The problem of perceptual organization was studied by Gestalt psychologists in terms of figure-ground segre- gation. In this paper we explore a new principle of figure-ground segregation: accentuation. We demonstrate the effectiveness of accentuation relative to other Gestalt principles, and also consider it autonomous as it can agree with or oppose them. We consider three dynamic aspects of the principle, namely: attraction, accentuation and assignment. Each creature needs to attract, fascinate, seduce, draw attention (e.g., a mate or a prey animal) or distract, refuse, dissuade, discourage, repulse (e.g., a predator). Similarly, each organism needs to accentuate, highlight, stress, underline, emphasize or distract from another. Thus, accentuation assigns meaning to a visual pattern such as a coat, a plumage or a flower. False eyes (ocelli) and dots (diematic patterns) demonstrate “deceiving camouflage by accentuation” that confuses predators/preys and hides or highlights vital body parts (butterflies/flowers). They also display the deceiving appearance and exhibition of biological fitness. The same accents may serve different or even opposite goals. We conclude that accentuation improves the adaptive fitness of organisms in multifarious ways.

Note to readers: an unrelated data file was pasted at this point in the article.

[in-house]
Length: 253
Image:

A new principle of figure-ground segregation: The accentuation / Pinna, Baingio; Reeves, A; Koenderink, J.; van Doorn, A.; Deiana, K.. - In: VISION RESEARCH. - ISSN 0042-6989. - 143:(2018), pp. 9-25. [10.1016/j.visres.2017.08.009]